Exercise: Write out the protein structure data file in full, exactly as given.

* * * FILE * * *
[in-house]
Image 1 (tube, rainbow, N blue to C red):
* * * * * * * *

[in-house]
Image 1 (tube, rainbow, N blue to C red):